Come visit our ‘secret life’ at Homestead Heritage
Crowds gather to watch a demonstration at Homestead Heritage. About 60,000 visit the grounds near Gholson every year, according to Homestead Heritage.
Sunday May 13, 2012
Gandhi once called a book that misrepresented India “the drain inspector’s report.” To him, the book unfairly characterized an emerging India by focusing exclusively on the most negative examples in Indian society (those headed “down the drain”). This focus left the reader to conclude that the very problems India so struggled to eliminate were somehow representative of their whole culture.
Such misleading reports prove so frustrating because one negative story, even if completely unfounded, inevitably has more impact on the public than dozens of positive ones. It seems that human nature inclines us to be skeptical and slow to believe a good report, yet immediately resigned to the veracity of a bad one. In troubling times, we’re often even more prone to cynicism, especially regarding cultures different from our own.
Gandhi’s words came back to me when I saw the recent broadcasts on WFAA News 8 regarding the Homestead Heritage community. I’m a lifelong resident of Waco and a member of Homestead Heritage for 22 years. I’ve grown somewhat accustomed to misunderstandings and misrepresentations of our chosen way of life by some in the media. After all, our simple, nonviolent, traditional agrarian lifestyle and Christian Anabaptist beliefs are admittedly — and intentionally — “behind the times” in many ways. But this particular broadcast was by far the most egregious yet.
The story aired the week after the 19th anniversary of the David Koresh debacle, and the reporter’s avidity for implied comparisons was evident throughout. (Sorry, Waco. It seems like our town is stuck with the infamous legacy.)
Our gates are open
Titled “Secret Lives” in the promotional trailer, the report presented our community as a “gated compound,” “a secretive and tightly controlled religious environment” with a “locked gate” where “the general public is not allowed inside.”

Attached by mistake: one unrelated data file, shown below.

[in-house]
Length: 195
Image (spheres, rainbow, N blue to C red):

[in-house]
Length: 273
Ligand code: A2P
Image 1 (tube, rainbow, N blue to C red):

McLennan County residents will no doubt see the absurdity of this, since many of you are part of the more than 60,000 visitors who come to Homestead Heritage every year. Homestead has been part of the Waco community for more than 20 years, and many of you know us from our annual Craft Fair, our sorghum festival, the field trips we host every year for thousands of schoolchildren, the classes we host from Baylor and other universities, our Ploughshare School of Sustainability that teaches crafts and homesteading skills, our outreach ministries and our holiday concerts.
If you haven’t visited before, please do. We’re open all year Monday through Saturday, 10 a.m. to 6 p.m., and we invite you to come out and enjoy a meal at Cafe Homestead, tour our craft village and farm, meet our people and experience our way of life.
We’ve addressed the WFAA story (as well as another rendition of the same story that appeared in the Texas Observer) more completely on our website with video and written responses (see www.homesteadheritage.com/slander). But I would like to briefly comment here.
Our online video shows many examples of outrageous WFAA distortions. One shows a fuzzy, black and white, slow motion video taken inside our church, while reporter Brett Shipp is saying, “the general public is not allowed inside.” But the original footage reveals that it was actually a standing ovation at the end of last year’s Easter concert — an event attended by well more than 1,000 people from the general public, including state senators and judges, Texas Supreme Court justices and a former president of the United States with his Secret Service contingent.
Charges of hidden abuse
More ominously, the report claimed to be exposing hidden child abuse within Homestead Heritage. It was based exclusively on the testimony of nine former members (two of whom were anonymous). In reality, the report exposed nothing but unfounded slander.